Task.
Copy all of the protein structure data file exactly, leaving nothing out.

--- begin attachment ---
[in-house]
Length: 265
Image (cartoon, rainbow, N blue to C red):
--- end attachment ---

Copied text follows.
[in-house]
Length: 265
Image (cartoon, rainbow, N blue to C red):